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Top Fifty Films of the 40s — Number Seven

#7 — The Grapes of Wrath (John Ford, 1940) I stand by my longtime belief that John Steinbeck’s The Grapes of Wrath is the tome most deserving of the well-worn honorific The Great American Novel. The appeal of F. Scott

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Top Fifty Films of the 40s — Number Thirty

#30 — She Wore a Yellow Ribbon (John Ford, 1949) One of the pleasures of examining the long swath of Hollywood film history is considering the ways in which the long-lasting masters of the form adapted to the technological changes

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Top Fifty Films of the 40s — Number Forty-Five

#45 — My Darling Clementine (John Ford, 1946) I have an abiding fascination with and appreciation for those directors who have an uncommon mastery of the language of film narrative. Much as I might ply my modest critical acumen against

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Top Fifty Films of the 40s — Number Forty-Eight

#48 — 3 Godfathers (John Ford, 1948) A common and entirely apt complaint about modern Hollywood filmmaking is the evident pronounced disinterest in the pursuit of originality in favor of figuring out ways to cram familiar brands into the CGI-shaped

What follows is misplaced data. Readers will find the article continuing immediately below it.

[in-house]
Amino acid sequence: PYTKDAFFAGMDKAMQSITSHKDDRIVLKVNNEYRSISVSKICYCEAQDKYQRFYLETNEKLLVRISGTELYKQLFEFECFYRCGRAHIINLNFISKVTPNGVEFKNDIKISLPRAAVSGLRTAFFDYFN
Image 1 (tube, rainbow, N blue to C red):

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Ford, Hancock, Huston, McDonagh, Robespierre

The Treasure of the Sierra Madre (John Huston, 1948). Huston’s famed exploration of greed tainting a slapdash partnership of aspiration gold miners in the Mexican mountains is so deviously ingenious that the director booming cackle virtually echoes through the most

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Abrahamson, Ford, Lang, Moodysson, Saulnier

While the City Sleeps (Fritz Lang, 1956). This noirish drama from director Fritz Lang takes aim at the seediness of the newspapers and the cutthroat competitiveness of those in the media, tiltimng at both with equal vigor. When the newspaper

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Top Fifty Films of the 50s — Number Seventeen

#17 — The Searchers (John Ford, 1956) Westerns, long a staple of Hollywood filmaking, were absolutely huge in the post-War years. According to Glenn Frankel’s book on the making of The Searchers, by the time John Ford’s iconic film was

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May 2017
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